In its generic form, Zoloft is called sertraline. It is available in tablets, manufactured by Ivax Pharmaceuticals, and in an oral liquid form manufactured by Roxane Laboratories.
Everyone is different, but some patients who take Zoloft can experience side effects. Most are mild, although occasionally, more serious adverse effects can occur. The most common side effects include:
- Nausea or upset stomach
- Dizziness or lightheadedness
- Dry mouth
- Drowsiness, fatigue, or tiredness
- Loss of appetite
- Sleeplessness (insomnia)
The side effects of Zoloft can also include sexual dysfunction. Patients may experience a lowered libido, impotence, and difficulty achieving orgasm or ejaculating while taking this medication.
If you are taking Zoloft and begin to develop hives, joint pain, shallow breathing, sore throat, or swelling in your face, lips, tongue, or throat, seek emergency medical attention.
These symptoms are a sign of a rare but severe allergic reaction called anaphylaxis. It can be life-threatening if left untreated.
In rare cases, pediatric patients and young adults who take Zoloft may experience increased suicidal thoughts and behavior.
If you or someone you know is at risk of harming themselves or others, dial 9-1-1 or immediately go to the nearest emergency room.
Does Zoloft cause weight gain?
For certain patients, there is a link between taking Zoloft and experiencing weight changes—weight gain for some, and weight loss for others.
It’s not always clear, however, that those changes are directly attributable to the medication itself.
Some people who have depression eat more or less when they are undergoing treatment because they eat more healthily when they begin to feel better. Others experience weight gain or weight loss as a side effect of the medication.
Zoloft is available in three dosage strengths:
- 25 mg
- 50 mg
- 100 mg
Often when prescribing Zoloft to someone for the first time, a healthcare provider will recommend beginning with a low dose of the medication to see how the patient responds.
If the dosage is tolerable but ineffective, doctors will slowly raise the dosage strength until the drug begins to have its intended, positive effects.
Like other selective serotonin reuptake inhibitors (SSRIs), Zoloft can interact poorly with other prescription medications, over-the-counter supplements, homeopathic remedies, and illicit drugs.
Tell your doctor about the kinds of substances you regularly ingest so they can adjust your prescriptions and help you avoid any adverse effects.
Do not take Zoloft without consulting a healthcare provider if you are taking:
- Antipsychotic medications
- Monoamine oxidase inhibitors (MAOIs)
- Non-steroidal anti-inflammatory drugs (NSAIDs)
- Other selective serotonin reuptake inhibitors (SSRIs)
- Serotonin and norepinephrine reuptake inhibitors (SNRIs)
- St. John’s Wort
- Tricyclic Antidepressants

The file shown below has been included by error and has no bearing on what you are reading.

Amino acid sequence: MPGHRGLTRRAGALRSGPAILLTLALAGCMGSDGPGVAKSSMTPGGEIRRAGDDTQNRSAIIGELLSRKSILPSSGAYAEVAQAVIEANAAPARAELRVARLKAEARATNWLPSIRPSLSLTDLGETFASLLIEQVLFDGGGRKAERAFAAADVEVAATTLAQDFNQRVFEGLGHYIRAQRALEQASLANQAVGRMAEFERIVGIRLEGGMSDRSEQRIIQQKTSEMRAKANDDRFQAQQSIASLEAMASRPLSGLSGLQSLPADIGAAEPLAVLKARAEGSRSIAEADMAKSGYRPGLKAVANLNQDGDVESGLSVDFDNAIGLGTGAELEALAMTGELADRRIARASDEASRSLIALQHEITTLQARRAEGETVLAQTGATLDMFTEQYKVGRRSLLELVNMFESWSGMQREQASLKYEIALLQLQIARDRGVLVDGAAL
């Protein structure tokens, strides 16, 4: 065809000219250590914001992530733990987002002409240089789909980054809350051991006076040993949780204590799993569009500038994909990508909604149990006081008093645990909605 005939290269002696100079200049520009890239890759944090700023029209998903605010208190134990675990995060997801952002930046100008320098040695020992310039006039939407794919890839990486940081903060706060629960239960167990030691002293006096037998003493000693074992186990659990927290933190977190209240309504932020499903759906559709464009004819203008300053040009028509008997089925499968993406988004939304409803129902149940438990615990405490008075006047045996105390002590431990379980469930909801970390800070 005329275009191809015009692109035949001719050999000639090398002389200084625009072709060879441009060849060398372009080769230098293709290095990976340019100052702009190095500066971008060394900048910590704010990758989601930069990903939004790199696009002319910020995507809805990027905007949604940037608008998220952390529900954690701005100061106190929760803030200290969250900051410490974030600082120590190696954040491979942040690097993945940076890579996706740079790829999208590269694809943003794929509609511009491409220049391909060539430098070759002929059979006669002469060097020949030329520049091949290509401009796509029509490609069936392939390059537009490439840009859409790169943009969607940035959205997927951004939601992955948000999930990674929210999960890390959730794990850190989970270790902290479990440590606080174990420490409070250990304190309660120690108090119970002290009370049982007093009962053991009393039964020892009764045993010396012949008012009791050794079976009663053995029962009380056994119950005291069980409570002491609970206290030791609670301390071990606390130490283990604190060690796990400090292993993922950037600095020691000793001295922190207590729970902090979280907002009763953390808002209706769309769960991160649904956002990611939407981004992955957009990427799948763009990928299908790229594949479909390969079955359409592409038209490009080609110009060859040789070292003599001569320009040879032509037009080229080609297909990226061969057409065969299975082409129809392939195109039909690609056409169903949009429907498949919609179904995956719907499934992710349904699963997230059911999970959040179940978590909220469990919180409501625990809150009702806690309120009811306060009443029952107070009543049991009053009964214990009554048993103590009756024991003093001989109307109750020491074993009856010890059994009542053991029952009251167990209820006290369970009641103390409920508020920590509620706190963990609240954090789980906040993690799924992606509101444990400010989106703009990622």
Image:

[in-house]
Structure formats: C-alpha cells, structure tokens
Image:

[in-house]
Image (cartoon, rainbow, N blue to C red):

- Blood thinners (warfarin)
In some cases, taking Zoloft with other contraindicated substances can cause serotonin syndrome, a serious condition in which a patient has too much serotonin in their body at one time.
Symptoms include agitation, confusion, a racing or irregular heartbeat, high blood pressure, muscle tremor or rigidity, and seizure.
The condition is rare but can be life-threatening if left untreated. If you believe you are suffering from serotonin syndrome, seek medical attention right away.
Drug costs can vary depending on a patient’s dosage, insurance coverage, and pharmacy location. If you are concerned about the price of your prescription, take a moment to research ways to purchase Zoloft from less expensive sources.
Buying your drugs from reputable online pharmacies can be a great way to keep costs down.
Is Zoloft Right for You?
Zoloft has been used for more than twenty years to give millions of Americans relief from the symptoms of depression, anxiety, and other mental illnesses.
If you are experiencing excessive or intrusive mental distress that has affected the quality of your life for two weeks or more, talk to your doctor.
You may find that taking Zoloft or another antidepressant can help you manage your feelings and improve your quality of life.
Talk to a Doctor Today
If you are experiencing the symptoms of depression, anxiety, or another mental illness, you don’t have to go through it alone.
Anxiety and depression are among the most under-reported and under-treated diseases in America. Nearly 20% of adults in the US suffer from mental health illness, and fewer than half receive treatment. Our mission is to increase access to treatment for those suffering in silence.
You can start controlling your anxiety and depression and get access to the treatment you need with K Health. Starting at $19/month, get prescriptions for mental health medications plus unlimited doctor visits through the K Health app. Start your free assessment here.
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Zoloft Label (2008). https://www.accessdata.fda.gov/drugsatfda_docs/label/2009/019839s070,020990s032lbl.pdf
Sertraline (2020). https://www.ncbi.nlm.nih.gov/books/NBK547689/
Sertraline versus other antidepressive agents for depression (2010). https://www.ncbi.nlm.nih.gov/pmc/articles/PMC4163971/
Zoloft (2021). https://www.pfizerpro.com/product/zoloft/hcp
Double-blind study of the efficacy and safety of sertraline versus fluoxetine in major depression (1993). https://pubmed.ncbi.nlm.nih.gov/8263318/
Sertraline versus fluoxetine in the treatment of major depression: a combined analysis of five double-blind comparator studies (2003). https://pubmed.ncbi.nlm.nih.gov/12817154/
Suicidality in Children and Adolescents Being Treated With Antidepressant Medications (2018). https://www.fda.gov/drugs/postmarket-drug-safety-information-patients-and-providers/suicidality-children-and-adolescents-being-treated-antidepressant-medications